Design and testing of composite tubes subjected to external pressure in oil well environment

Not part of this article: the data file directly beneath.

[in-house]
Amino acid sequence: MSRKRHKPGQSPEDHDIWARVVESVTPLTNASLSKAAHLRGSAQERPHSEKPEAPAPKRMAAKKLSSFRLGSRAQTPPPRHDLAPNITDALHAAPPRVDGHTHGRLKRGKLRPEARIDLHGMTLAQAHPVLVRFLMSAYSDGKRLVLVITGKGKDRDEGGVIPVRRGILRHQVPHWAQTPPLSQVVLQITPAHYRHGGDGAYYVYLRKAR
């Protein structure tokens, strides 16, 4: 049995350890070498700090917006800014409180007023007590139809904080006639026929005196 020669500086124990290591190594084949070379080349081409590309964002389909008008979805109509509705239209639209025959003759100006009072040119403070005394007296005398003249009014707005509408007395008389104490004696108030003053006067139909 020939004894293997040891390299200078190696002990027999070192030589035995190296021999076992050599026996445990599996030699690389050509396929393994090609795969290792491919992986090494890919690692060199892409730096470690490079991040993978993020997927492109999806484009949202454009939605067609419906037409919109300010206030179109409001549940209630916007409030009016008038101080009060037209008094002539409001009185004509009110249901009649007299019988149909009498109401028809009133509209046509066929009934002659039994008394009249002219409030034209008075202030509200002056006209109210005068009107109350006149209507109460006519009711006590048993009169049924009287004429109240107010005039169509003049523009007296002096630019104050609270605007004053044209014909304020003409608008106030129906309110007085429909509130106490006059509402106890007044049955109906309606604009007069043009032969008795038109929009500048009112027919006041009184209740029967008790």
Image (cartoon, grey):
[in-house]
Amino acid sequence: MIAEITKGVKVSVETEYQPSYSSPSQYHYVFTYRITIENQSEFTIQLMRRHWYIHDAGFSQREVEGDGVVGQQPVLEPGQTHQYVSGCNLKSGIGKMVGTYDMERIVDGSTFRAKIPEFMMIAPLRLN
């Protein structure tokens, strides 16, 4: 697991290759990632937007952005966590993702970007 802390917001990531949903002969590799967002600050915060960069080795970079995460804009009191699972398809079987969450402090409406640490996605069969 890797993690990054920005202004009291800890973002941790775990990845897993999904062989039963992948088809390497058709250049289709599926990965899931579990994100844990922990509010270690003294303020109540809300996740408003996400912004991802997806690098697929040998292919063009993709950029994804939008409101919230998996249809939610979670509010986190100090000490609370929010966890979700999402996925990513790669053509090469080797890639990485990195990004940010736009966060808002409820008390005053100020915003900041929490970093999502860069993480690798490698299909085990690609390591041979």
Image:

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Carbon fiber reinforced polymers are advanced materials with unique material properties that are being used in an increasingly number of industrial applications. In well intervention the high stiffness to weight ratio as well as the chemical resistance is being utilized to make a semi-stiff rod for logging purposes. The carbon rod has several advantages over its competitors, but the performance can be further improved for use in the horizontal sections of the well. As a solid carbon rod, the submerged weight causes the rod to press against the bottom of the casing generating friction which prevents the desired reach. By making the rod hollow, the submerged weight will reduce significantly and the rod will stay buoyant in the casing, hence extending the reach.The main focus of this study was to find and develop manufacturing methods for a continuous rod consisting of an inner layer of pure hoop and an outer layer of longitudinal fibers. One of the suggested methods included a filament wound hoop layer using a PPS thermoplastic impregnated carbon fiber tape with lay-up configuration corresponding to the previous tested rods based on epoxy resin. The PPS-rod was then tested with external overpressure and axial compression, the same tests performed on the epoxy-rod. The rods are considered as thick-walled tubes and had an outer diameter equal to 15mm, which is the same as the current solid rod in field operation, and inner diameters at 12 mm. They were made using the filament winding machine at NTNU. The epoxy-rod was made with resin bath to ensure a good and even impregnation of the fibers, while a gas torch was used to melt the PPS-tape.Two rods were produced using a custom setup in the filament winding machine. Due to the provisional setup it is obvious the process and quality need more development. The rods were leaking under low pressure, and when sealed, the failure load was inconsistent and about 35% of the failure load of the rod with made with epoxy. Microscopy shows many voids and cracks so the poor results are easily explained.Although the results could not be used to determine the potential of a rod based on a PPS matrix, the manufacturing method was proved to be a feasible way to produce a rod with the desired layup. The rod extracted easily from the mandrel and a continuous process seems feasible. Tensile tests on laminates of the PPS impregnated tape showed satisfying material properties.A study of different layups for the rod has also been conducted. Rods with layups [±45°] and [±80°/±9°] has been wound and tested with external overpressure and axial compression. Compared with the previously tested [±80°]-rod they showed marginally less pressure capacity, but at the compression test the [±80°/±9°] layup proved to be the best configuration due to its longitudinal fibers.Future work based on this study should focus on improving the manufacturing method of the PPS-rod. An adhesion test should also be conducted to determine how the PPS hoop rod bonds with a pultrusion resin. Temperature resistance is also an issue not discussed in this study and needs to be investigated as well as long term testing and the effect of creep.